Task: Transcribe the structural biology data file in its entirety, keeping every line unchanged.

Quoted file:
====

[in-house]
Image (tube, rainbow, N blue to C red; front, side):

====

[in-house]
Image (tube, rainbow, N blue to C red; front, side):